John Edwards on Immigration
2004 Democratic Nominee for Vice President; Former Jr Senator (NC)
Q: So who pays if they get sick and wind up in emergency rooms?
A: What I have done is strengthen the safety net of the public health system so that our public health clinics, our public hospitals will always be available. If that is married to comprehensive immigration reform, so that people who are living here undocumented actually have a chance to become American citizens, then I think they’ve got the opportunity to become part of the plan. There are a couple things I want to say, though. Obama spoke--and he’s right about this--about the importance of us being straightforward and being honest during the campaign. The truth is that there are three health care plans represented on this stage. Two are universal; one is not. His is not. Clinton’s is, and mine is. In order for the plan to be universal, it has to mandate coverage for everybody.
A: The studies show is there are a lot of things driving down wages. One of those things is the loss of good middle-class jobs, which has been accelerated under this administration. And I think there are a variety of things that are contributing to that. There are a whole range of things that we need to do if we actually want to save the middle class and strengthen the American economy.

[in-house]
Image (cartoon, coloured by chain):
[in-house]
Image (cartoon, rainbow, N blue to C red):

A: They’re in a very vulnerable position. What we want to make certain is that we are enforcing the laws that apply to employers. This is not a short-term solution. I wish there were a clear short-term solution that would be effective. The answer to this is comprehensive immigration reform. That is ultimately the answer.
A: Well, the first point is, why is America not educating and training American workers to do these jobs? That’s the starting point. If American workers are actually competent to do those jobs, American workers should be doing those jobs. The whole purpose of the H1-B visa program is to bring people from other places that have to do jobs that we don’t have American workers to do.
A: First of all, I [oppose] these raids, and particularly the way they are being conducted, separating parents from children. I think the bottom line is that we need to reform the laws for immigration in this country so that everybody has a real and meaningful path to citizenship.